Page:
Genres are a major feature to sort and classify music. And when it comes to managing ~40M-track catalogs, sorting and classifying become a major concern.
As Barry Shwartz states in his book The Paradox of Choice, too much choice does not make customers happy (that’s a very brief summary!). A good post relates the “tyranny of choice” on Spotify here: Spotify And (Fixing) The Tyranny Of Choice.
What music services do
Music services adopt different options as we can see:
Deezer provides a list and a sub-list of major genres in the Explore zone. You don’t need an additional click to get to albums, auto-refreshed.
Spoify has a nice big genre tiles in the browse section. It is interesting to see that genres and moods are set at the same level here. RnB, Country, Pop (genres) and Sport, Focus, Dinner can be read here.
MusicMe suggests a list of major genres, close to Deezer.
Qobuz displays a list as a header. The header is visible from the home page, as well as all genres at a glance. A mouse over gets to more sub-genres and qualities.
Pandora does not suggest a menu at all. The entry point are (radio) stations based on a typed entry (“Enter an artist, genre or composer. We’ll create a radio station featuring that music and more like it.“). We can see here a list of detailed – and somewhat funny – tags that we can guess some, and maybe all, of them are algorithm found. The Music Genome Project is the root of such an analysis. Below, we can read the mention: “These are just a few of the hundreds of attributes cataloged for this track by the Music Genome Project“.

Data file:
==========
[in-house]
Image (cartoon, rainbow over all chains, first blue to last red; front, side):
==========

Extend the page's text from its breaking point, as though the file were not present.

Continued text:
(note the “emotional male lead vocal performance” and “a subtle use of vocal harmony“)
What DDEX says
Not much, really. The catalog management is supposed to be on music services side. It is possible to set one genre and one sub-genre (which is, in a way, quite limited). Their observations on this topic are quite interesting to read:
“DDEX does not standardise genres. Every so often a new proposal is made to attempt genre specification – and each time, DDEX experts have determined that this would be not a good idea. Some of the reasons are:
- Genres differ from territory to territory (“World Music” in the US differs from “World Music” in Germany);
- Genres differ from language to language (“Neue Deutsche Welle” is a genre unlikely to be used in non-German speaking countries);
- Genres are of varying specificity (An on-line retailer focusing on rock music might have one genre for all classical music whereas a classical retailer would want to distinguish between different types of classical music).”
Can music really be “genred”?
I think genres are not satisfying in many points. The root cause is: music is not easy to genre. It’s an art, and as long as artist will be practising it, genres limitations will be very porous and will become at one point irrelevant. However, when it comes to sell and browse music catalogs, it’s hard to get over it.
Tags (or keywords) seems to me a much more flexible alternative. It englobes genres and can go a way further. They should not be limited at all (see Pandora’s example). Tags can be set by the provider, the users, curators/musicologists and algorithms.
Genres are useful for a main entry point, very high level. After all classical music is generally very different than soul music. And then, a cloud of tags for every single song (and why not albums, artists, labels, …).